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The pullback in Chinese buying will continue to keep the physical market soft in the near term. However, Brent spreads have caught a bit of a bid, so positioning could overpower fundamentals for a short time. Our concern is that if this is a bull play like last year, it may swamp the North Sea market with US crudes this summer. This year, however, simple refining margins are strong, Q2 European refinery works are substantially lower y/y, and crude demand should be stronger as refiners start running hard to make diesel ahead of IMO 2020.
Moreover, the bunched-up cargoes due to Turkish Straits delays have mostly been absorbed without creating an inventory overhang, Urals diffs are recovering having come under modest pressure as Russian refinery works backed out crude for exports and demand prospects are looking up. Indeed, Beijing is shoring up its economy with measures focussed on infrastructure.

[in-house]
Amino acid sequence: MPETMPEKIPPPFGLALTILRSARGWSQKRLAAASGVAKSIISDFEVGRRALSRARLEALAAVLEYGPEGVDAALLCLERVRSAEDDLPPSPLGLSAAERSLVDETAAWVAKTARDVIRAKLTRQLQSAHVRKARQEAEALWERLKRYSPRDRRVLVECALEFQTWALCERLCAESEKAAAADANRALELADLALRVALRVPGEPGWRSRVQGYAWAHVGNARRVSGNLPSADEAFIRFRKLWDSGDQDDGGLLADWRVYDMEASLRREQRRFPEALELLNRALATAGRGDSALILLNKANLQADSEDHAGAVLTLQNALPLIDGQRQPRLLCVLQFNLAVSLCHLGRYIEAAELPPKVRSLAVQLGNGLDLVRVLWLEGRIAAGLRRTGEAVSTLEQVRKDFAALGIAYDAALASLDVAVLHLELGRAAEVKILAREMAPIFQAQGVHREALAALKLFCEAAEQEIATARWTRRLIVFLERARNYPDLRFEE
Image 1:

There is also potential for further supply losses (even if temporary) due to uncertainty around Iran sanctions, as buyers may reduce buying ahead of the 5 May waiver renewal deadline, just as risks around secondary sanctions on Venezuelan exports are rising. Near-term support for Atlantic basin light crudes will also come from maintenance at the Kashagan field lowering CPC exports in April and May and then, at Ekofisk and neighbouring fields in June.
Still, we are not structurally bullish lights; the tightness is being led by mediums and heavy crudes, exacerbated by Saudi cuts. But the stars could align in the coming weeks for light crudes to perform especially if complex refiners resort to running lights in the absence of heavier grades, just as new Asian refiners designed to run sour crudes suck up Saudi sour crude spare capacity.
|Iran crude and condensate exports, mb/d||Chinese crude imports, mb/d|
|Source: Kpler, Energy Aspects||Source: China customs, Energy Aspects|